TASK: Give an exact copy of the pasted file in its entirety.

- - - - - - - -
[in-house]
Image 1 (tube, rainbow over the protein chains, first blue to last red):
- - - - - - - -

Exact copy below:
[in-house]
Image 1 (tube, rainbow over the protein chains, first blue to last red):